In the evening, the whole clan would gather together for the annual Khao Chae dinner, each family bringing one side dish — their specialty. One aunt would always bring Kapi Tod, golden and eggy fried fish dumplings seasoned with herbs and shrimp paste. One uncle would always bring Nuea Wan, spiced and caramelized thin, sticky shreds of beef. There would be many more dishes from the most basic such as Pad Hua Chai Po, thin strands of dried pickled radishes stir-fried with eggs, to something much more involved such as Prik Yuak Sod Sai, stuffed sweet banana peppers encased in crispy, eggy shrouds — the dish which the girl’s grief-stricken mother would be bringing to the New Year feast.
For the first night in the past several months since her husband fell ill, the girl’s mother would cast aside her grief and do what she’d always done. Life would go on anyway with or without her consent or participation. It would not wait for any wound to heal or any void to be filled. What was left of the family would bring a dish to the party and do their best to put themselves in a celebratory frame of mind.
And they would talk, laugh, play, sing, and eat with the other members of the family — not necessarily in that order. The various sides would be arranged on large platters in the middle of the table. Each person would help himself or herself to a bowl of jasmine rice which had been rinsed several times while still raw to remove any excess starch then cooked in copious amounts of water, pasta-style — the extra steps which, under different circumstances, would not have been so necessary. But, no. Not with Khao Chae. The rice kernels must remain separate and the water crystal clear. Fresh water scented with jasmine flowers would then be poured over the rice, followed by chunks of ice. Ice-cold rice “soup” would be joyously slurped alternately with bites of the assorted sides. The series of slurps and bites would be punctuated by the intricately-carved fresh, crunchy vegetables that would cleanse the palate.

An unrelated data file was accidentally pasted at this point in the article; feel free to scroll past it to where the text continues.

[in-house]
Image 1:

Nobody would even care how hot and humid it was that time of year. They would be thankful for another year of being together, another feast, another celebration of what they still had despite what — or whom — they might have lost.
After a period of such intense grief, even things such as cooking or eating didn’t seem like they would ever become normal again. But watching her mother slice the tops off the fresh peppers and carefully remove the seeds and membranes from each one with her paring knife, getting them ready to be filled, the girl felt strangely comforted. Soon her mother would steam those filled peppers and create a crispy, airy nest for each one of them by drizzling beaten eggs with a fork onto the bottom of a hot pan. Soon they would get dressed, drive to grandpa and grandma’s house, give them the ceremonial New Year greetings by getting on their knees and bowing before the seated couple who would then give them words of blessing.
No matter what happened, Songkran would come around every year just as it had always done. And though the dark void in the exact shape of one who had departed was still acutely felt by all, the return of joy no longer seemed so impossible.
This post is dedicated to the people of Thailand in this strange time of chaos and celebration. May you find peace and reconciliation.